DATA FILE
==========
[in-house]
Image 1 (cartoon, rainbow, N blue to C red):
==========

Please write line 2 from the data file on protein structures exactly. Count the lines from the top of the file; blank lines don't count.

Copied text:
Image 1 (cartoon, rainbow, N blue to C red):